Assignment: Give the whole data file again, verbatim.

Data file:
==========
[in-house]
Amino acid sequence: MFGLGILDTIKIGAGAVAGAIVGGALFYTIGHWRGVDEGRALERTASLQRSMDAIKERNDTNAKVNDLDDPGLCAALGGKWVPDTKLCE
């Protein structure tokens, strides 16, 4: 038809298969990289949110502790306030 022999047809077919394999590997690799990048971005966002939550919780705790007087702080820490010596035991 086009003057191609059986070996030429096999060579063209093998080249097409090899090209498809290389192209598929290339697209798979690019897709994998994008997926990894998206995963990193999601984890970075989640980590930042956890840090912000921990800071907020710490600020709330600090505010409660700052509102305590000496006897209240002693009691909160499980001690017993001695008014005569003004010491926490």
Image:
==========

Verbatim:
[in-house]
Amino acid sequence: MFGLGILDTIKIGAGAVAGAIVGGALFYTIGHWRGVDEGRALERTASLQRSMDAIKERNDTNAKVNDLDDPGLCAALGGKWVPDTKLCE
């Protein structure tokens, strides 16, 4: 038809298969990289949110502790306030 022999047809077919394999590997690799990048971005966002939550919780705790007087702080820490010596035991 086009003057191609059986070996030429096999060579063209093998080249097409090899090209498809290389192209598929290339697209798979690019897709994998994008997926990894998206995963990193999601984890970075989640980590930042956890840090912000921990800071907020710490600020709330600090505010409660700052509102305590000496006897209240002693009691909160499980001690017993001695008014005569003004010491926490």
Image: